The VFA allows Filipino and American troops to hold joint military exercises in the Philippines to strengthen their capabilities. Last year, Duterte warned that he would terminate the 1998 agreement after the US had canceled the visa of Sen. Ronald dela Rosa, a former police chief and a key figure in the president's controversial war on illegal drugs.

Malacañang had claimed that the US Senate resolution linking the Duterte administration to human rights violations, the call of some American lawmakers to release detained opposition senator Leila de Lima, and the US travel ban against individuals behind her detention had also prodded the President to abrogate the pact.

Despite his sharp criticisms against the VFA, Duterte has postponed the termination of the deal twice, deferring its abrogation in June and in November.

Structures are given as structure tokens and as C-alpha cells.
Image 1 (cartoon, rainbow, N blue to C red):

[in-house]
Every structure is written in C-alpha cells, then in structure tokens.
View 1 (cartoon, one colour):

Last February, Duterte said the US should "pay" the Philippines if it wants to keep the agreement, saying the pact involves a "shared responsibility." A few months later, the President said the VFA is "up for renegotiation."

Neutral foreign policy

In the same interview, Duterte assailed critics who claim that he is favoring China, which is embroiled in a longstanding row with the Philippines over areas in the West Philippine Sea.

"These people do not know me and they do not really know also foreign policy. I don't know who prodded them to open their mouths about foreign policy," Duterte said.

Duterte, who has distanced himself from the US to pursue what he described as an independent foreign policy, maintained that he won't allow any country to set-up military bases in the Philippines.

"Foreign policy is just being neutral. I am neutral in the sense that I do not favor one country (over) the other nor would I allow any of those countries to be in the Philippines to establish military bases," the president said.